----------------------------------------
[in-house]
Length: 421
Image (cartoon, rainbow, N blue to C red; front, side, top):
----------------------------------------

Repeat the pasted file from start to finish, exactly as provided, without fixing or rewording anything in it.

[in-house]
Length: 421
Image (cartoon, rainbow, N blue to C red; front, side, top):